Now, the Democrats and the leftist movement are seeking to channel the protest into an organized form meant to pressure Obama to turn to the left. Led by Van Jones and company, they will do all they can to get the protestors to join forces with their operation at the Center for American Progress think tank. One remaining centrist Democrat, Matt Bennett of a group called Third Way, told the WSJ that he feared “a rowdy and inchoate movement that could alienate independent voters Democrats needed next year. ‘Swing voters are watching carefully, and we're not convinced this kind of messaging will resonate,’ he said.” Indeed, those once Reagan Democrats in states like Michigan and Ohio, watching the antics of the “Occupy Wall Street” folks and the public sector unions joining them at the demonstrations, are likely to run helter skelter to the Republican Party each time they see a demonstrator carrying signs calling for revolution and socialism.
Hence the ambivalence of New York Senator Chuck Schumer, whose own tepid response is quite different from the endorsement from Bernie Sanders. Schumer, who supports the so-called millionaire tax, is also a favorite of the New York banks and the Wall Street community whose coffers fill Democratic campaign chests. Democrats, Schumer says, should not vilify the rich, even though he supports the current Obama policies that do just that. So in public statements, Schumer says: “‘Populism has sort of a negativity toward the high end, and that's not our intention,’ he said. ‘Our intention is to do things to help the middle class.’” It might not be Schumer’s intention, but he and his party have played right into it, and by now, it is becoming more than difficult for the Democrats to pretend otherwise.
Schumer and others are obviously not too happy when they read reports like that in the WSJ on what it found in yesterday’s Washington, D.C. mobilization:
At a protest off Pennsylvania Avenue in Washington, D.C., it was unclear what the protesters stood for, much less if they'd accept political support from the Democratic Party. A man on stage beat on a drum while reciting free-verse poetry lines such as "Revolution is the solution," and "then we can all sit down and have a lollipop." The group at one point participated in Yoga stretches.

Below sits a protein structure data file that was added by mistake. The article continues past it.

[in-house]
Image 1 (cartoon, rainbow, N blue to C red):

So where does our country go? Peggy Noonan notes the response of focus groups of middle-American women who shop regularly at Wal-Mart. Here’s what these women think:
Who are the culprits behind our economic calamity? "The banks and the people who took the loans." But more the banks, because they had, as one woman put it, "the authority." When they gave out the loans, people thought "it must have been OK." People were "lured in" by the banks—don't worry, home values will keep going up—which pocketed the fees and kept walking.
People lampoon the Occupy Wall Street movement as a bunch of marginal freaks, but these women from the heart of the country shared a basic resentment: The banks got bailed out, everyone else was left holding the bag.
Indeed, they have it right. The banks do bear responsibility. When a Republican candidate like Herman Cain says, as he did last night, that those without a job are responsible themselves for their plight because they could become employed if they try harder, and they should “go and get rich,” he only shows his ignorance and stupidity about the plight regular people are in. For once, a man I usually do not agree with, Ron Paul, answered Cain and showed he understands much more what the real issue is. Speaking to Wolf Blitzer, Paul showed that the wealth is going from the poor to the wealthy as a result of the bailout and a “flawed economic system.” The “average person who wants a job” is not responsible, Paul said. It is the result of dependence on “Keynesian economic policy.”
So the problem of the Left is not only that it presents as an answer to the problem a move towards a second stimulus that would fail and leave us further behind. It also wants to move beyond that towards a formal social-democracy based on the failed European model, one that would before long put America in the position Greece is in today. And who would then bail us out -- China?
So I hope that Mitt Romney, who might be the Republican nominee, comes to understand the plight of regular people, and will turn Washington away from the self-defeating policies of the current White House occupant if he is elected our next president.
If he is not, and President Obama has another term in office, get ready for our future -- and look at the riots and strikes occurring in Greece today.